Using a 3D printed fingerprint, Cisco Talos security researchers succeeded in passing the fingerprint scanner on phones and computers from Samsung and Apple, among others.
Several tried and tested devices passed the test, using exactly the same security solution: Windows Hello. In all other cases, the percentage of successful attempts changed, but generally managed to access the device in 80 percent of the cases. In the case of the MacBook Pro (2018 version), logging in using the 3D-printed fingerprint was successful in 95 percent of cases, while the latest Samsung Galaxy S rejected the fingerprint in 20 percent of the attempts. A clear conclusion can therefore be drawn, according to the researchers:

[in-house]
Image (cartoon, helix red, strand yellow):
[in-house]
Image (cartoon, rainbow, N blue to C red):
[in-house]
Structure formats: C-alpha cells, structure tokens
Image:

“With such percentages, we can conclude that the chance of unlocking a tested device before it can only be opened with a PIN code is quite high. The results also show that fingerprints are sufficient to ensure the privacy of an average user if they lose their phone, but someone who becomes the target of a motivated attacker should not use the option”.
The research into the quality of fingerprint scanners took quite some time, according to the researchers because there were quite a few hurdles to take. Finding the right material to make the print from was a big one, as was getting the perfect mould into which the original had to come. An almost 1-to-1 ratio was necessary, as a deviation of only one percent already prevented a scanner from accepting the print.